Regular readers of this blog don’t need to be convinced to play RPGs. And they don’t need to be justified either. You enjoy it, that’s all the justification you need for a hobby that’s not hurting anyone.
No, the purpose of this post is to give you ammunition to convince other people to play, because of the wonderful things playing teaches. It might give you some validation as a side-effect, you have that coming.
When there’s a disagreement at the table, the players look to the GM to adjudicate the difference. The GM doesn’t want to play favorites, so it’s great practice being an honest and reasonable arbiter of disputes. Since the dispute your arbitrating is about a game and the impact is usually small even within the game itself, its a safe opportunity to make mistakes and learn a skill that is going to come up in any job and many other social situations.
Much as I wish I could come up with a non-copyrighted term for this skill, I haven’t been able to. I’ve actually pushed this post back for months trying to. As a GM, you come to table not looking for your own gratification so much as looking to create a fun experience for your players, all your players. You sit down for 2-6 hours of play and try to make sure everyone is having a good time the whole time.
This builds all kinds of skills. Social awareness to notice players who need a spotlight turned on them. Seeing others to know what kind of aesthetics they engage with. Listening to properly assess the players’ actions. Teaching when a player doesn’t seem to understand something. The table is a great opportunity to repeatedly practice, with almost no other motives, the skills of building healthy relationships. How cool is that?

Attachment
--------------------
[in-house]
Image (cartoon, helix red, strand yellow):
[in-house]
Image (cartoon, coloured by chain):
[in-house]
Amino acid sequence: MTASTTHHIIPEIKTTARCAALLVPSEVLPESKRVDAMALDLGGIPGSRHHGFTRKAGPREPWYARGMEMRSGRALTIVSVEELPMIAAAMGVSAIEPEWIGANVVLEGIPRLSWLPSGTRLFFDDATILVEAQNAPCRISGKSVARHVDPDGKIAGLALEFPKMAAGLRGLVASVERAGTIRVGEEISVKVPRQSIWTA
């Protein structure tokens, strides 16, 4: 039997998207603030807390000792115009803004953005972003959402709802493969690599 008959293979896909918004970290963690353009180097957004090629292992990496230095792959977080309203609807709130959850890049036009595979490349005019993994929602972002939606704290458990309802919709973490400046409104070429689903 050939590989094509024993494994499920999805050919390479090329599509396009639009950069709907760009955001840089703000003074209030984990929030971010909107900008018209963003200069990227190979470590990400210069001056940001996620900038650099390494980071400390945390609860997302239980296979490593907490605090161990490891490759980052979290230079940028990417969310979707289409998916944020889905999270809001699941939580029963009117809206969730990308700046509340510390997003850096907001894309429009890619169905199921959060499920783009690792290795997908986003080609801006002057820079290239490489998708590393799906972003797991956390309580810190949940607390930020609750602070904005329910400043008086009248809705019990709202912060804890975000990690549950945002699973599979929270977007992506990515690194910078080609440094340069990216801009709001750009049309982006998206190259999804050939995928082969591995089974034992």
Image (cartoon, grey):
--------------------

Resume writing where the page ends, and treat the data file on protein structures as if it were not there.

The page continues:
Finishing What You Started
When a GM starts a campaign, it’s a commitment to finish it, the other players expect it. It’s a lot of pressure to finish something you’ve started, which is a vital skill to learn. If you fail to bring the campaign to conclusion, it’s not the end of the world. Your players are disappointed, but that’s the only consequence, enough to make you want to finish, but not enough to crush you if you don’t, so it’s safe enough to try.
The table can be a hectic place, players and GMs alike learn to speak up for themselves and make themselves heard over the chaos. It’s a safe place to learn the sweet spot for fighting to get your own way, because you’re not losing much when you self-erase (just enough to notice you did it) and you’re not hurting anyone when you push too hard (just looking a little competitive). The feedback is pretty immediate and I’ve seen players (teenagers and adults) rapidly change their behaviors as they hone in on closer to “ideal” assertiveness.
Experiencing failure and set backs builds resilience needed to confront inevitable hardship in life, and the Tabletop RPG is a great place to get that in small, safe doses. Every time you roll a miss, every time you set off a trap, every time you say something insulting to a powerful NPC who then berates you, you are getting a little bit of failure, and every time you come back from it. Eventually, you experience a character death and you come back from that. The artificial trials and failures of the table that you overcome translate to real world resilience, allowing you to keep plugging away at an engineering problem when the last dozen things you’ve tried all turned up nothing.
Unlike other games, Tabletop RPGs present infinite options to choose from. That can be daunting for players at first, but since you don’t have to live with the consequences of your decisions (you character does), making a sub-optimal choice is fine, as it often is in real life. The infinite choices in the RPG also help you to practice thinking outside the box and challenging the concept of what’s impossible, mindsets that can help you be a real mover and shaker at work and other places.
With our hobby teaching skills most people go to corporate trainings and psychologists to practice and learn, and more effectively, it’s little wonder that the RPG community is full of some of the best people in the world.
Much has also been said for the merits of RPGs as therapeutic tools for helping people with social and other disorders. I don’t feel qualified to speak to that, but I believe it. If you’re interested in that aspect, check out Game to Grow and their recent kickstarter Critical Core for more on therapeutic RPGs.